July 17—Average hospital costs increased by 2 percent annually over a recent nine-year period, and that trend is expected to continue, according to a new federal analysis.

The Agency for Healthcare Research and Quality (AHRQ), part of the U.S. Department of Health and Human Services, reported Thursday that hospital costs from 2003 through 2011 increased by an annual average of 2 percent, and they were projected to increase at about the same rate through 2013. Hospital costs in that timeframe grew fastest for the maternal and neonatal (2.5 percent), surgical (2.4 percent), and injury (2.2 percent) care.

The analysis also found that the 37.4 million total hospital discharges in 2003 remained relatively stable during the period, and they were projected to decrease slightly (0.5 percent annually) through 2013.

Additionally, four of the five hospital service lines experienced relatively little change in discharges, while mental health discharges grew at 1.9 percent per year. Mental health discharges were expected to continue increasing by 1.4 percent annually through 2013.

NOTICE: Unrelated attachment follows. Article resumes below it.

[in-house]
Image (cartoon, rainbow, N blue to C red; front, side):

Length of Stay Stable

The analysis also found that the average length of stay, which remained relatively stable in the study period, was projected to decrease somewhat through 2013. The 4.8-day average length of a hospital stay in 2003 was projected to decrease to 4.6 days in 2013.

Four of the five hospital service lines—medical, surgical, injury, and mental health—experienced a slight decrease in length of stay, while the maternal and neonatal service line increased average length of stay from 3.0 days to 3.2 days in 2011.

Publication Date: Thursday, July 17, 2014